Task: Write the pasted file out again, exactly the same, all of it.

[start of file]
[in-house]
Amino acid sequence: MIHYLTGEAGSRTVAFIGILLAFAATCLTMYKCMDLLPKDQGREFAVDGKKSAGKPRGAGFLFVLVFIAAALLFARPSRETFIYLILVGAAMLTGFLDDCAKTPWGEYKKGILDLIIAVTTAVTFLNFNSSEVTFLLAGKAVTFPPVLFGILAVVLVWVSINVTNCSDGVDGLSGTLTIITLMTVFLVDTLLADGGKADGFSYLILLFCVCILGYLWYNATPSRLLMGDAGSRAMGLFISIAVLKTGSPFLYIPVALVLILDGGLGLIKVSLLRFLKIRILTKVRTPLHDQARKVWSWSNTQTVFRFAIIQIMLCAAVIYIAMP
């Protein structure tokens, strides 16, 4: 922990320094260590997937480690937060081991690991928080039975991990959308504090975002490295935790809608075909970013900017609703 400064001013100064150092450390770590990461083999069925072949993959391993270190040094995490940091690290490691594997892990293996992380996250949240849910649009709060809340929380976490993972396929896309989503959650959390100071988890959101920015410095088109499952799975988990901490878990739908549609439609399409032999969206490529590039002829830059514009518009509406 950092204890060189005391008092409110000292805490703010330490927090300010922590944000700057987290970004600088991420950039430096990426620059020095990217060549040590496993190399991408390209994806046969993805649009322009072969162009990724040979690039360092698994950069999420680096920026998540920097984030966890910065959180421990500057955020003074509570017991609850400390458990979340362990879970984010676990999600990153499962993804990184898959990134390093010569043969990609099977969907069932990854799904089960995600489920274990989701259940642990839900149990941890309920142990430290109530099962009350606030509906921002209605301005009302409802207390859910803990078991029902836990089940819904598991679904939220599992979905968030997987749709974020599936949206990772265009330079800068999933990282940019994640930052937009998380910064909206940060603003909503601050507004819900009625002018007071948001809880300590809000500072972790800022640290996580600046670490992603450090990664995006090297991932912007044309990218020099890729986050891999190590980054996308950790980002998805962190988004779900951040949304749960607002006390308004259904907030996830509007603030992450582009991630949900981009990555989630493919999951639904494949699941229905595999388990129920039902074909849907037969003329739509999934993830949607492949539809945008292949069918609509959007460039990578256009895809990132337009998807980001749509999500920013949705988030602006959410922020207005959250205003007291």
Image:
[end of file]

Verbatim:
[in-house]
Amino acid sequence: MIHYLTGEAGSRTVAFIGILLAFAATCLTMYKCMDLLPKDQGREFAVDGKKSAGKPRGAGFLFVLVFIAAALLFARPSRETFIYLILVGAAMLTGFLDDCAKTPWGEYKKGILDLIIAVTTAVTFLNFNSSEVTFLLAGKAVTFPPVLFGILAVVLVWVSINVTNCSDGVDGLSGTLTIITLMTVFLVDTLLADGGKADGFSYLILLFCVCILGYLWYNATPSRLLMGDAGSRAMGLFISIAVLKTGSPFLYIPVALVLILDGGLGLIKVSLLRFLKIRILTKVRTPLHDQARKVWSWSNTQTVFRFAIIQIMLCAAVIYIAMP
């Protein structure tokens, strides 16, 4: 922990320094260590997937480690937060081991690991928080039975991990959308504090975002490295935790809608075909970013900017609703 400064001013100064150092450390770590990461083999069925072949993959391993270190040094995490940091690290490691594997892990293996992380996250949240849910649009709060809340929380976490993972396929896309989503959650959390100071988890959101920015410095088109499952799975988990901490878990739908549609439609399409032999969206490529590039002829830059514009518009509406 950092204890060189005391008092409110000292805490703010330490927090300010922590944000700057987290970004600088991420950039430096990426620059020095990217060549040590496993190399991408390209994806046969993805649009322009072969162009990724040979690039360092698994950069999420680096920026998540920097984030966890910065959180421990500057955020003074509570017991609850400390458990979340362990879970984010676990999600990153499962993804990184898959990134390093010569043969990609099977969907069932990854799904089960995600489920274990989701259940642990839900149990941890309920142990430290109530099962009350606030509906921002209605301005009302409802207390859910803990078991029902836990089940819904598991679904939220599992979905968030997987749709974020599936949206990772265009330079800068999933990282940019994640930052937009998380910064909206940060603003909503601050507004819900009625002018007071948001809880300590809000500072972790800022640290996580600046670490992603450090990664995006090297991932912007044309990218020099890729986050891999190590980054996308950790980002998805962190988004779900951040949304749960607002006390308004259904907030996830509007603030992450582009991630949900981009990555989630493919999951639904494949699941229905595999388990129920039902074909849907037969003329739509999934993830949607492949539809945008292949069918609509959007460039990578256009895809990132337009998807980001749509999500920013949705988030602006959410922020207005959250205003007291």
Image: